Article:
The unusual infrared object HDF-N J123656.3+621322
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We describe an object in the Hubble Deep Field North with very unusual near-infrared properties. It is readily visible in Hubble Space Telescope NICMOS images at 1.6 μm and from the ground at 2.2 μm, but it is undetected (with S/N ≲ 2) in very deep WFPC2 and NICMOS data from 0.3 to 1.1 μm. The fν flux density drops by a factor ≳8.3 (97.7% confidence) from 1.6 to 1.1 μm. The object is compact but may be slightly resolved in the NICMOS 1.6 μm image. In a low-resolution, near-infrared spectrogram, we find a possible emission line at 1.643 μm, but a reobservation at higher spectral resolution failed to confirm the line, leaving its reality in doubt. We consider various hypotheses for the nature of this object. Its colors are unlike those of known Galactic stars, except perhaps the most extreme carbon stars or Mira variables with thick circumstellar dust shells. It does not appear to be possible to explain its spectral energy distribution as that of a normal galaxy at any redshift without additional opacity from either dust or intergalactic neutral hydrogen. The colors can be matched by those of a dusty galaxy at z ≳ 2, by a maximally old elliptical galaxy at z ≳ 3 (perhaps with some additional reddening), or by an object at z ≳ 10 whose optical and 1.1 μm light have been suppressed by the intergalactic medium. Under the latter hypothesis, if the luminosity results from stars and not an AGN, the object would resemble a classical, unobscured protogalaxy, with a star formation rate ≳100 M⊙ yr -1. Such UV-bright objects are evidently rare at 2 < z < 12.5, however, with a space density several hundred times lower than that of present-day L* galaxies.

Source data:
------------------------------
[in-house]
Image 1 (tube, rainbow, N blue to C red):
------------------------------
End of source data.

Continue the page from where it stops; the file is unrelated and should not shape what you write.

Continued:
author list (cited authors)
Dickinson, M., Hanley, C., Elston, R., Eisenhardt, P. R., Stanford, S. A., Adelberger, K. L., ... Fruchter, A. S.